Running backs found everywhere but Round 1 in NFL Draft

Last year, for the first time since the initial AFL-NFL “common” draft began in 1967, not a single running back was chosen in the first round.
May 6, 2014

 

Last year, for the first time since the initial AFL-NFL “common” draft began in 1967, not a single running back was chosen in the first round.

All indications are that the same thing will take place next week. Even the league office doesn’t think it will happen, because of the 30 players invited to New York City next week for draft festivities — and TV time — not one is a running back.

In the name of Barry Sanders, what’s going on?

Perhaps it’s just a fluke. Or maybe it’s a sign of the times in the increasingly pass-happy National Football League. At least one running back was taken in the first round of every draft from 1967 until 2012. That’s 45 drafts in a row.

And before last year, with the exception of 2011 (Mark Ingram) and 1984 (Greg Bell), two or more running backs have gone in the opening round every year in that span. (Ingram and Bell were the only first-round backs in the years they came out.)

And some years in those 45 drafts, as many as six and seven RBs went in Round 1

“If you looked at the draft 40 years ago, running backs were the most valuable commodity there was,” NFL Network analyst Mike Mayock said. “Today, with all the spread offenses and teams throwing the football, 60, 70, 80 percent of the time, there’s been a completely different emphasis offensively.”

It’s reached the point where the buzzword around the NFL is that the running back position has become “devalued.” And it’s not just in the draft.

On the free-agent market this offseason, stars such as Knowshon Moreno, Maurice Jones-Drew and Chris Johnson didn’t get much action. They eventually signed with new teams but received short-term deals for relatively modest amounts.

“I think it’s a trend at every level that they’re using multiple backs,” Arizona general manager Steve Keim said. “So there’s not always that one bell cow. And then you look at the trends of the draft. Obviously, the left tackles and quarterbacks, the corners — those types of players — always are gonna supersede running backs.

“Then you see that you can find fourth-, fifth-, sixth-round backs who are extremely productive, so history tells you that you can find those guys in later rounds. But at the same time I think when one comes along like Adrian Peterson and they’re special, you take one and don’t look back.”

For the second year in a row, there isn’t a Peterson in the draft. Or a Steven Jackson, Marshawn Lynch, Johnson, or any of the 39 first-round backs taken this century.

But perhaps there’s another Zac Stacy, who was drafted in Round 5, No. 160 overall, and rushed for 973 yards in basically 12 games for the St. Louis Rams as a rookie last season.

Or there’s another Alfred Morris, who has rushed for 2,888 and 20 touchdowns in two seasons since being selected in Round 6, No. 173 overall, in 2012.

“There’s been backs that have come in that have played pretty well, whether they go early or they go in the middle rounds,” Rams coach Jeff Fisher said. “I think that’s always been the case.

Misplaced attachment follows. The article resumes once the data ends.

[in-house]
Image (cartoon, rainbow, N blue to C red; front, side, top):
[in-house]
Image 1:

“I think you’re seeing teams use backs differently. There’s not the bell cow anymore, you know, that’s taking 90 percent of the carries — the 350-plus carries a year for eight years. They’re interchanging ’em. Because offense is becoming more specialized, as defenses are, you’re looking for more of a change of pace. Having two different types of backs.”

Fisher has had bell cow approach during much of his head-coaching career, from Eddie George and then Johnson in Tennessee to Jackson with the Rams. He sees Stacy as a “70-percent” back in terms of carries, which in theory still leaves plenty of work for the No. 2 back.

But in terms of this year’s draft pool, the top prospects can only hope for the best because of what’s happening with running backs.

“It does kind of bother me,” Ohio State’s Carlos Hyde said. “I feel like (NFL teams) are down on us. They don’t think we are capable of doing what we know we can do.”

But in the case of Hyde and another top prospect — Jeremy Hill of Louisiana State — their chances of going in the first round also were tarnished by off-field issues.

Hyde (who is 6 feet tall and weighs 230 pounds) rushed for 1,521 yards last season, averaging an astounding 7.3 yards per carry in just 11 games for the Buckeyes. He was suspended for the first three games of the season after being named a “person of interest” in the assault of a woman. No charges were filed.

Naturally, NFL teams have asked Hyde about the suspension.

“They have asked me what I learned,” he said. “I feel like I have learned to cherish this game of football because at any minute it could be taken away from me like it almost was.”

As for Hill, a Louisiana judge last month granted him an early termination to a two-year probation stemming for punching a man outside a bar. Earlier, Hill was on probation for a misdemeanor charge of carnal knowledge of a juvenile while a high school senior.

“What’s happened has happened,” Hill said. “I can’t change that. All I can do is be honest and forthcoming (to NFL teams) with everything and be myself.”

Hill (6-1, 233), rushed for 1,401 yards last season and averaged a Southeastern Conference record 6.9 yards per carry.

 

 

Log in or sign up to post comments.